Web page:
“In order to deliver quality care to these patients, it is paramount for doctors to understand how to communicate, how to read nonverbal cues, and how to manage emotions…yet this is not part of the current medical curriculum.”
– Dr. Rich Castellano
According to Dr. Rich Castellano, nonverbal communication skills are crucial for treating patients with PTSD.
PTSD affects about 7.7 million American adults with war veterans bringing it to national attention. Today, hundreds of thousands of servicemen and women and recent military veterans have seen combat. Many have been shot at, seen their buddies killed, or witnessed death up close. Traumatic events like this frequently lead to PTSD (Source).
Demand for PTSD treatment continues to grow, and new techniques are desperately needed. Castellano is a double board certified facial plastic surgeon who devoted his practice to researching the impact of facial expressions and body language on human behavior. He was selected to perform a series of trainings at MacDill Air Force Base in Tampa, FL to improve patient communication, compliance, and suicide risk. In these innovative new training sessions, Castellano teaches military doctors to: Identify and measure their emotions/empathy/kindness/happiness; Modify the emotions/empathy/kindness/happiness in themselves and others; and diagnose and treat troublesome behavior patterns in patients and healthcare teams before they spiral out of control.
These efforts are significantly enhancing the treatment of PTSD. By knowing how to read cues in patient behavior, clinicians are able to better diagnose and treat patients. In addition, patients are more proactive and trusting when they feel connected on an emotional level to a doctor. This can greatly impact a treatment plan and improve the quality of care.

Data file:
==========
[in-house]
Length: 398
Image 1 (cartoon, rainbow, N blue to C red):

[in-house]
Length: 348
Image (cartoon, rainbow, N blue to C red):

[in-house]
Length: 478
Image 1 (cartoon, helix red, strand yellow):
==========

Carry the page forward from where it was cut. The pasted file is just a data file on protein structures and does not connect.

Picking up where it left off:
“I came into this not knowing what to expect,” said Master Sgt. Terrence Raybon, a flight chief of the clinical lab assigned to the 6th MDG. “For our career field, communication is how we get everything done between Airmen and the patients.”
“Our entire intent for this was not for customer service, but to facilitate communication training and make the customer interactions more pleasant all around,” said Col. Kevin Wright, the commander of the 6th MDG. “I am hoping these Airmen take the tools Castellano talked about and bring them back to their work sections to improve the interpersonal dynamic between themselves and the patients.”
“How many times in your workplace do you hear ‘well I told them to do that and nothing got done,’ well that’s an example of what you say versus how you say it. What I’m teaching these Airmen, is to build that relationship to know who is communicating effectively and whoever you are talking to is receiving what you’re saying.”
– Dr. Rich Castellano
In An Interview/Article, Dr. Castellano Can Discuss:
- Why nonverbal communication training for military doctors will help patients with PTSD
- Communication tips for both patients and doctors that could save your life in the exam room
- Important nonverbal cues frequently missed by doctors
- How training practitioners in emotional literacy and communication will improve the healthcare system and save people money
Castellano is on a crusade to better the world through the knowledge of communication and emotional literacy.